Other notable stars in the constellation include the F-type supergiant Iota1 Scorpii, the orange giant Larawag (Epsilon Scorpii), the B-type subgiant Lesath (Upsilon Scorpii), the binary star systems Theta Scorpii (Sargas), Delta Scorpii (Dschubba), and Kappa Scorpii, and the multiple star system Sigma Scorpii (Alniyat). Scorpius also hosts the O-type supergiants V973 Scorpii and the binary pair V918 Scorpii, which shine at fifth magnitude from thousands of light-years away.
The constellation is home to many bright deep sky objects. The best-known ones include the planetary nebula NGC 6302 (the Butterfly Nebula), the star-forming nebulae NGC 6334 (the Cat’s Paw Nebula or Bear’s Claw Nebula) and NGC 6357 (the Lobster Nebula or War and Peace Nebula), the globular clusters Messier 4, Messier 80, and NGC 6144, and the open clusters Messier 6 (the Butterfly Cluster), Messier 7 (the Ptolemy Cluster), and the Northern Jewel Box Cluster (NGC 6231).
The best time of the year to observe the stars and deep sky objects in Scorpius is during the month of July, when the constellation is prominent in the evening sky. The entire constellation is visible from locations south of the latitude 40° N.
The 10 brightest stars in Scorpius are Antares (Alpha Sco A, mag. 0.6 – 1.6), Shaula (Lambda Sco A, mag. 1.62), Sargas (Theta Sco A, mag. 1.84), Dschubba (Delta Sco, mag 2.307), Larawag (Epsilon Sco, mag. 2.31), Kappa Sco (mag. 2.39), Acrab (Beta Sco, mag. 2.62), Lesath (Upsilon Sco, mag. 2.70), Paikauhale (Tau Sco, mag. 2.82), and Fang (Pi Sco, mag. 2.89).
Acrab – Beta Scorpii
|Spectral class||B1V + B2V|
|Apparent magnitude||2.62 + 4.92|
|Right ascension||16h 05m 26.23s|
|Declination||-19° 48′ 19.4”|
|Names and designations||Beta Scorpii, β Sco, Acrab, 8 Scorpii, Elacrab, Graffias, UBV 13616, IRAS 16025-1940, ADS 9913 ABC, IDS 15596-1932, CCDM J16054-1948ABC, WDS J16054-1948|
|Spectral class||B1 V (B0.5IV-V + B1.5V)|
|U-B colour index||–0.08|
|B-V colour index||–0.08|
|Absolute magnitude||–3.92 / –2.60|
|Distance||400 ± 40 light-years (120 ± 10 parsecs)|
|Parallax||8.07 ± 0.78 mas|
|Radial velocity||–1.0 ± 0.9 km/s|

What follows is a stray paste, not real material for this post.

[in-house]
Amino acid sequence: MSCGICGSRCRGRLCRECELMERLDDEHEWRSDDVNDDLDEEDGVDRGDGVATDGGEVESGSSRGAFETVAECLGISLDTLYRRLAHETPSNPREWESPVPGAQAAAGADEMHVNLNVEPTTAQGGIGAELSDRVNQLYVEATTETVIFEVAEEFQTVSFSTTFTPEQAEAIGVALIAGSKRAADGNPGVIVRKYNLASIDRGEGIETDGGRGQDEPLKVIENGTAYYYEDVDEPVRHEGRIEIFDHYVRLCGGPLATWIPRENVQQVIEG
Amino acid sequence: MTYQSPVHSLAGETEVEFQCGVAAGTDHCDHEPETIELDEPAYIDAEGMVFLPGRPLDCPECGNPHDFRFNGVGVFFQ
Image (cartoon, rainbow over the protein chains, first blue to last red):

|Proper motion||RA: –5.20 ± 0.92 mas/yr|
|Dec.: –24.04 ± 0.64 mas/yr|
|Right ascension||16h 05m 26.2319826s|
|Declination||–19° 48′ 19.630018″|
|Names and designations||Beta1 Scorpii, β1 Sco, Acrab, HD 144217, HR 5984, HIP 78820, BD–19 4307, FK5 597, SAO 159682, GC 21609, GCRV 9245, ALS 14816, CPD-19 5945, PPM 231174, PLX 3640.00, 2MASS J16052624-1948185, UBV 13614, TYC 6208-1623-1, Gaia DR2 6247207266936828288, Gaia DR3 6247207266946218112, ADS 9913 AB, CCDM J16054-1948AB, WDS J16054-1948AB|
Beta1 Scorpii A
|Mass (β Sco Aa, β Sco Ab)||15.0 M☉, 10.4 M☉|
|Luminosity (β Sco Aa, β Sco Ab)||31,600 L☉, 7,900 L☉|
|Radius (β Sco Aa, β Sco Ab)||6.3 R☉, 4 R☉|
|Temperature (β Sco Aa, β Sco Ab)||28,000 K, 26,400 K|
Beta1 Scorpii B
|U-B colour index||–0.70|
|B-V colour index||–0.02|
|Absolute magnitude||–1.83 (Ea: +0.24)|
|Distance||400 light-years (120 parsecs)|
|Parallax||8.2368 ± 0.5003 mas|
|Radial velocity||-5.60 ± 0.8 km/s|
|Proper motion||RA: -18.472 ± 0.545 mas/yr|
|Dec.: -15.594 ± 0.363 mas/yr|
|Right ascension||16h 05m 26.5686169680s|
|Declination||–19° 48′ 06.845424840″|
|Names and designations||Beta2 Scorpii, β2 Sco, HD 144218, HR 5985, HIP 78821, BD–19 4308, SAO 159683, ALS 15975, GC 21610, GCRV 9246, PPM 231175, 2MASS J16052655-1948066, UBV 13615, TYC 6208-1622-1, Gaia DR2 6247207266944651648, Gaia DR3 6247207266944651648, ADS 9913 C, CCDM J16054-1948C, WDS J16054-1948CE|
Beta2 Scorpii C
|Rotational velocity||55 km/s|
|Surface gravity||3.8 cgs|
Beta2 Scorpii E
|Absolute magnitude (β Sco Ea)||+0.24|
|Mass (β Sco Ea)||3.5 M☉|
|Luminosity (β Sco Ea)||126 L☉|
|Radius (β Sco Ea)||2.4 R☉|
|Temperature (β Sco Ea)||13,000 K|
|Rotational velocity (β Sco Ea)||5 km/s|
|Surface gravity (β Sco Ea)||4.2 cgs|